Iowa Attorney General Tom Miller today urged leaders of two U.S. Senate committees to enact legislation that addresses "patent trolls," entities that try to profit from innovations they had no hand in creating.

Miller and a bipartisan group of 41 state attorneys general submitted a letter to the ranking members of the Senate Judiciary, Commerce, Science and Transportation committees, voicing support for federal legislation to address patent trolls.

 

The Senate bill, S.1720 (Patent Transparency and Improvements Act of 2013), and the related H.R. 3309 (Innovation Act), which recently passed the House, would require greater clarity in patent demand letters and include patent litigation reforms that will help limit the power of patent trolls.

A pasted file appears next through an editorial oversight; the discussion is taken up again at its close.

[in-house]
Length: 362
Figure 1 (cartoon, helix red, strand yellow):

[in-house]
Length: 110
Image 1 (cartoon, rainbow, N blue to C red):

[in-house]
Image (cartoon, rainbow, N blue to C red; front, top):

"Patent trolls use threats or file abusive litigation to extract money from Iowa businesses, nonprofits and sometimes even from consumers who did absolutely nothing wrong," Miller said in a release. Miller noted that Iowa businesses have complained to the Consumer Protection Division about alleged patent trolls.

 

Patent trolls, also called patent assertion entities, acquire patents solely for the purpose of using them to extract license fees and settlements from those they target as alleged infringers. They target businesses, nonprofit agencies and consumers who purchased or used products with a wide range of patented technology such as printers, scanners, wireless routers and other products commonly used in businesses and homes.

 

The patent troll business model works because defending patent infringement lawsuits is expensive, particularly for small businesses. Successfully defending a lawsuit may cost $1 million or more. Although patent laws make some provision for awarding attorneys' fees, a party that defeats a patent troll in court has little hope of getting its money back.